Since this news spread in some lower grade media circles, her personal Facebook profile was discovered with an exceptional amount of photographs documenting her hazy, often harrowing and drug fuelled life. One site named her ‘the Diane Arbus of Tweaker Cellphone photography‘ and its easy to understand this comparison once seeing her photographs. There exists a kind of brutal honesty only comparable to the work of outsider artists within her images, how much thought has gone into the direction of each image seems relatively naive and instant, simple snapshots of her surroundings turn into obsessive and catastrophic projections of the life of a drug addict. However there is a kind of originality to these images which could only exist within the realms of our democratic use of technology and how we share images online. Anyone can now create and share aspects of their lives, which as we all know is something that we don’t necessarily always want to see, but discoveries like this make the internet all the more of a fascinating place. Many news sources have quite obviously painted Potarf as a rejection of society, pandering towards creating her into this example of a moralistic freak show which is not [...]
Greer Lankton was a New York based artist who passed away in 1996 and was famed for her creation of life like dolls and figures. Born Greg Plankton in 1958, while studying at Pratt Institute she went under gender reassignment surgery and changed her name at the age of 21. Her father, a Presbyterian minister from Michigan funded her surgery through his church which amassed a large amount of media coverage in 1979, this act was and still is considered fantastically progressive considering how much controversy a case like that still has the potential to create in 2014.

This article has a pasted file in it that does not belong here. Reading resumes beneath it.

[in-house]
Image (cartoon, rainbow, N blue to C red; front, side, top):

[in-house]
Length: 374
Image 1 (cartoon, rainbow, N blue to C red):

Naturally, Greer’s artwork delved into an understanding and exploration of themes about gender, sexuality and the body and her famed dolls are often compared to the work of Hans Bellmer. However where Bellmer’s work was intrinsically distressing, Greer incorporated more of her own life into the dolls by injecting a healthy level of glamour into her artworks. Existing in the New York East Village scene, Greer lived with Nan Goldin in the early 80s, was a muse to Peter Hujar and David Wojnarowicz and was life long partners with artist Paul Monroe where she worked in his shop Einsteins. As a transwoman, Greer was always impeccably dressed with a distinct personal style which has been recorded by many photographers. When Greer and Paul married in 1987, Teri Toye was the bridesmaid, her father was the minister and Nan Goldin encapsulated the whole event with beautifully iconic photographs. Greer created a large body of work but sadly passed away in 1996 from a drug overdose and after a lifetime of struggling with anorexia. Much of her work has been celebrated throughout many prestigious galleries but its wonderful to hear that a solo exhibition of her work opened a [...]
The strangeness of the mannequin is a theme which has a long history of fascinating artists, so it exciting to hear of the new exhibition at the Fitzwilliam Museum in Cambridge called Silent Partners which is devoted to these uncanny human impostors and their relationship to art.
The exhibition will examine the various strange ways the mannequin has appeared in art history all the way from the Renaissance to present day.